Briefly stated, the present invention comprises a method and system for protecting a software program recorded within a storage medium for use with, or transmission to, computer or processor based hardware. The method comprises inputting a hardware code uniquely associated with the particular hardware with which the software is to be employed and inputting a first software code uniquely associated with the particular embodiment of the software being employed. A first predetermined operation is performed upon the hardware code and the first software code to produce a first intermediate code. A unique activation code for the particular embodiment of the software being employed is inputted, the activation code being received from the software supplier. A second predetermined operation is performed upon the first intermediate code and the activation code to produce a second intermediate code. The second intermediate code is compared with a second software code uniquely associated with the particular embodiment of the software and stored at a hidden location within the software, the second software code not being ascertainable by the user. The software is enabled for use if the second intermediate code and the second software code are identical.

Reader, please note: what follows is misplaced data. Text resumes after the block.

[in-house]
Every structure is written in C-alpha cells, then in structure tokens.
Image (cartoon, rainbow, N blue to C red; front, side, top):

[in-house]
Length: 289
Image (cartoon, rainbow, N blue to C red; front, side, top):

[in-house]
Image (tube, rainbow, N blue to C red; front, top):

BRIEF DESCRIPTION OF THE DRAWINGS

The foregoing summary, as well as the following detailed description of a preferred embodiment, will be better understood when read in conjunction with the appended drawings. For the purpose of illustrating the invention, there is shown in the drawings an embodiment which is presently preferred, it being understood, however, that the invention is not limited to the specific methods and instrumentalities disclosed.

In the drawings:

FIG. 1 is a perspective view of a personal computer and a floppy disk, within which is stored a computer program;

FIG. 2 is a schematic flow diagram which depicts a method for a software supplier to generate an activation code in accordance with a preferred embodiment of the invention; and

FIG. 3 is a schematic flow diagram of a preferred embodiment of a portion of a computer program which verifies that an activation number received from the software supplier is correct and enables use of the remainder of the computer program.

DESCRIPTION OF PREFERRED EMBODIMENT